Many cried 'foul', how could this be? Yet Welsh teams have always played in the English leagues and kept their own National team whilst maintaining their FIFA status, there was clear precedent. Swansea indeed will be playing in the Premiership this very season. Monaco is a separate state yet their club plays in the French league. Some said they should have to work their way through the leagues, no doubt Rangers in particular would have agreed to this such were the riches that lay ahead. The simple fact however was that the Premiership did not want them. Supporters of Rangers and Celtic will feel their clubs would have added much to the spectacle but the English did not and it is their ball and they can choose to play with whom they like.

To make Rangers attractive to the Premiership they needed success, big names and the glamour that came with it so Murray rolled the dice and quite simply he lost. In the meantime the saturation coverage of the Premiership did much to diminish interest and therefore revenues in the Scottish game and so the ironies continued.

Whatever the reasons, the reality is that Rangers have been left behind exactly where they always were, the difference now being they are effectively bankrupt and with a playing staff that would struggle to keep the team in the English Championship. Their 0-1 reverse to Malmo in their Champions League qualifier shows an indication as to where they are by continental standards - a million miles away from the top table that they so craved to sit at.

Little is truly known about Craig Whyte and the most remarkable thing about him seems to be a passing resemblence to DCI Michael Jardine from Taggart. Whilst he has undoubtedly made himself wealthy personally, his career path is opaque and at least one of his businesses have previously gone bust. It is mere speculation but much of these types of businesses are layered, all leveraging off each other with little true cash in abundance which is what Rangers crave. The behaviour and attitude of several Rangers board members and their 'sackings' after the completion of his takeover spoke volumes as to what their thoughts on the matter were.

Whilst not wishing to sound ungrateful given Rangers current predicament, a promise of a twenty five million pound transfer kitty over five seasons is hardly the level of investment that Rangers require. Given that West Ham recently relegated to the Championship are contemplating spending eight million pounds on a striker, can Whyte expect Rangers fans to believe that he really holds Champions League aspirations? If he truly does then he is also telling us that he knows not the slightest about the realities of the situation.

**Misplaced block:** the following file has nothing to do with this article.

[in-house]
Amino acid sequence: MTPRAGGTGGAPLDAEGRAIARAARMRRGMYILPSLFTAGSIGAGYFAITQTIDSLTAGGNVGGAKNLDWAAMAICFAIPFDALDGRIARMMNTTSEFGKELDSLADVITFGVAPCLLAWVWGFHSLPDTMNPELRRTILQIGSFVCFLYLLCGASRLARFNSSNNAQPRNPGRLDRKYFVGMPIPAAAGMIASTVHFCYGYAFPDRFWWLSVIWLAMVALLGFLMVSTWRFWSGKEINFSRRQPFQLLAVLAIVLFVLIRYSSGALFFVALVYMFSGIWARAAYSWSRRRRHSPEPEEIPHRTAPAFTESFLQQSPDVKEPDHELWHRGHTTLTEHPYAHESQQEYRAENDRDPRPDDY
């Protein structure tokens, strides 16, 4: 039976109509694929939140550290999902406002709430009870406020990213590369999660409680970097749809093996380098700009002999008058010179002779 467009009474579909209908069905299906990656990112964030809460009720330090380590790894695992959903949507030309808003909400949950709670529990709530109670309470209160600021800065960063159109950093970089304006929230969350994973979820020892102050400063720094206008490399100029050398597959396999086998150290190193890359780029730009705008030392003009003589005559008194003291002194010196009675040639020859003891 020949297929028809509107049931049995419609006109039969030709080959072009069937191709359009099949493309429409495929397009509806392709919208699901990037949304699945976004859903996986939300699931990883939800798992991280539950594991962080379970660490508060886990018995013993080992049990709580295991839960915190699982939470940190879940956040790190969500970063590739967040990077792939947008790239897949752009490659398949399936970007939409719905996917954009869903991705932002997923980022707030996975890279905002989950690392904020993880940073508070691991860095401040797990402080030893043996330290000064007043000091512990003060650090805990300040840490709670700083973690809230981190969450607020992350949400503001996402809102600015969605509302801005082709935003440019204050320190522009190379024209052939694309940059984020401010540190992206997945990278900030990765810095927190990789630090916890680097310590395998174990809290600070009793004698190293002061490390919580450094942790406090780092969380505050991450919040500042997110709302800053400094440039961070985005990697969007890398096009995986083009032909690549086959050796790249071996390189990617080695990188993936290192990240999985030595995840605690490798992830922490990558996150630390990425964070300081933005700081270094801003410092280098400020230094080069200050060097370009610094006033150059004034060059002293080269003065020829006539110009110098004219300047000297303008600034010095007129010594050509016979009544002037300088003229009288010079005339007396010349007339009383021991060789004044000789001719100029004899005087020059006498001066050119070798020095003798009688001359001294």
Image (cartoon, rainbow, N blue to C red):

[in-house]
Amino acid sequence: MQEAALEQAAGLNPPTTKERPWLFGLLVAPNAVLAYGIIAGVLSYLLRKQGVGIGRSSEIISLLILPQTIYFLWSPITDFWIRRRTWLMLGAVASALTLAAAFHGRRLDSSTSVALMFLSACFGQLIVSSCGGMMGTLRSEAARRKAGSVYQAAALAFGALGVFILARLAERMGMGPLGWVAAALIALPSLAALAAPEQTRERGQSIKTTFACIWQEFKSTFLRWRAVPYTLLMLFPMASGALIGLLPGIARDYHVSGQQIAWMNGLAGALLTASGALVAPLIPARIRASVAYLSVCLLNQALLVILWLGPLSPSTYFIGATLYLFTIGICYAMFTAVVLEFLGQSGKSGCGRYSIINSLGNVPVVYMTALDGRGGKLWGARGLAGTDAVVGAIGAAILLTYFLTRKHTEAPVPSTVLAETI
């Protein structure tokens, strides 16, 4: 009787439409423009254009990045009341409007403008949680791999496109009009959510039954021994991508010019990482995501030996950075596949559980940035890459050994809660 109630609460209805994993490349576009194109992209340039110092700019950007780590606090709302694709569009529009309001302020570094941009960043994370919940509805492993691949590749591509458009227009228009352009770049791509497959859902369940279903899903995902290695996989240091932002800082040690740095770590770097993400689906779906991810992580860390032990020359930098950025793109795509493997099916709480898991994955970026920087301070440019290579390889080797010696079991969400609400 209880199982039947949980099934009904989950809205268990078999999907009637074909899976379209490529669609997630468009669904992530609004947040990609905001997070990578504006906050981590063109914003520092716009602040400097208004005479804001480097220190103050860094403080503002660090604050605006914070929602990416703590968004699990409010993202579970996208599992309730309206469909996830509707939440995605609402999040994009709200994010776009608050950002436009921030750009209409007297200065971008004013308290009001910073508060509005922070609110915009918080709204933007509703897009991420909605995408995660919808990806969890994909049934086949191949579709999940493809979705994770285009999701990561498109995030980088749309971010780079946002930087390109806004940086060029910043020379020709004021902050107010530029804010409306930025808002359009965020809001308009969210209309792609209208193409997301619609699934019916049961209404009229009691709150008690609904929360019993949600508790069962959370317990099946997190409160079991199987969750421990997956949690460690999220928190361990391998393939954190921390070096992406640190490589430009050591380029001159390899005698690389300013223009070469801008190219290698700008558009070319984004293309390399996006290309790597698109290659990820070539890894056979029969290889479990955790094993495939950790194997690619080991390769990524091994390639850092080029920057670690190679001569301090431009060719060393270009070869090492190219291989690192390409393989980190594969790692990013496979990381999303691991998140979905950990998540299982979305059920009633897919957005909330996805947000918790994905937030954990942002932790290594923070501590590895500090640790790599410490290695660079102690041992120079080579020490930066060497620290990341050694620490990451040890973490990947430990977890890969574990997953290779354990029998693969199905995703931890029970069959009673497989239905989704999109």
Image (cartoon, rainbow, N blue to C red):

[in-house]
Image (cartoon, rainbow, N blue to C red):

If Whyte is indeed a true fan then no one can blame him for wishing to take charge of the club and to turn its' fortunes around, he may indeed surprise us all and do so. One must however look at the example of Mark Goldberg, a lifelong Crystal Palace fan. His buying of the Selhurst Park club was famous only for it being an unmitigated disaster, the main reason for which was an utter lack of funds. This was follwed by his nonsensical hiring of Thomas Brolin and Attilio Lombardo as his management team, it led to the teams' inevitable relegation before he sank without trace.

The fact that the signing of long term contracts by several senior players at Rangers was seen as some kind of coup shows how far the club has fallen. Alastair McCoist, the new manager has been left to scrabble around in the backwaters of the transfer market trying to find bargains which are few and far between given the scurrilous behaviour of modern agents. Most of Rangers 'interest' in players seems to be little more than PR on behalf of the club.

It is possible that Whyte may be the Knight in Shining Royal Blue Armour that Rangers so require but even with three consecutive league titles in the trophy room, the short to medium term prospects for the club against their rivals at Celtic Park look extremely bleak and there is little need to make reference to their European prospects. Rangers will surely survive this period of upheaval but it will be a long road back to recovering anything close to the position and stature they once held in the game. In any event, it may all have been an illusion that they held such a position in the first place - No Nonsense.